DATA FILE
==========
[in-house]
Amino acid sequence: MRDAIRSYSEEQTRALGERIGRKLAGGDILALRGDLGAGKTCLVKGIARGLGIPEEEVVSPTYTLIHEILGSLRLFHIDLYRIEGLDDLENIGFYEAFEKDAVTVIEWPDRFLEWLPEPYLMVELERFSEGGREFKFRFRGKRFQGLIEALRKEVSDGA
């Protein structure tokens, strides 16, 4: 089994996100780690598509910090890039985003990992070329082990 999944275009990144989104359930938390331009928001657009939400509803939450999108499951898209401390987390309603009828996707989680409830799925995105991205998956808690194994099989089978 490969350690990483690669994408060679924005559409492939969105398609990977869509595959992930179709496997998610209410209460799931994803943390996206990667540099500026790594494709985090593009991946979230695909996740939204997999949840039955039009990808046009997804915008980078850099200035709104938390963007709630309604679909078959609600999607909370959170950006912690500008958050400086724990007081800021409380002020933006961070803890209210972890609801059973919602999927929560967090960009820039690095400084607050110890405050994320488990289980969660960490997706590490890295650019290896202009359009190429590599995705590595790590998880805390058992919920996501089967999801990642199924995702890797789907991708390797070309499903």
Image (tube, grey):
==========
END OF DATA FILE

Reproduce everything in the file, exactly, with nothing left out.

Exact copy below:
[in-house]
Amino acid sequence: MRDAIRSYSEEQTRALGERIGRKLAGGDILALRGDLGAGKTCLVKGIARGLGIPEEEVVSPTYTLIHEILGSLRLFHIDLYRIEGLDDLENIGFYEAFEKDAVTVIEWPDRFLEWLPEPYLMVELERFSEGGREFKFRFRGKRFQGLIEALRKEVSDGA
């Protein structure tokens, strides 16, 4: 089994996100780690598509910090890039985003990992070329082990 999944275009990144989104359930938390331009928001657009939400509803939450999108499951898209401390987390309603009828996707989680409830799925995105991205998956808690194994099989089978 490969350690990483690669994408060679924005559409492939969105398609990977869509595959992930179709496997998610209410209460799931994803943390996206990667540099500026790594494709985090593009991946979230695909996740939204997999949840039955039009990808046009997804915008980078850099200035709104938390963007709630309604679909078959609600999607909370959170950006912690500008958050400086724990007081800021409380002020933006961070803890209210972890609801059973919602999927929560967090960009820039690095400084607050110890405050994320488990289980969660960490997706590490890295650019290896202009359009190429590599995705590595790590998880805390058992919920996501089967999801990642199924995702890797789907991708390797070309499903």
Image (tube, grey):